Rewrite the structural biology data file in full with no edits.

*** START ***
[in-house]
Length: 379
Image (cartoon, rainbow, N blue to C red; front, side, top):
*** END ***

[in-house]
Length: 379
Image (cartoon, rainbow, N blue to C red; front, side, top):